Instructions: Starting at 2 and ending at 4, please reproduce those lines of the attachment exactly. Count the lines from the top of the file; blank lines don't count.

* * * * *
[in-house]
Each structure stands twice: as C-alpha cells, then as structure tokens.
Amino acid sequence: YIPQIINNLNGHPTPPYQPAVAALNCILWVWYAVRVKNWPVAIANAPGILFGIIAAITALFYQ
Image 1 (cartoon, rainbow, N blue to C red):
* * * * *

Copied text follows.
Each structure stands twice: as C-alpha cells, then as structure tokens.
Amino acid sequence: YIPQIINNLNGHPTPPYQPAVAALNCILWVWYAVRVKNWPVAIANAPGILFGIIAAITALFYQ
Image 1 (cartoon, rainbow, N blue to C red):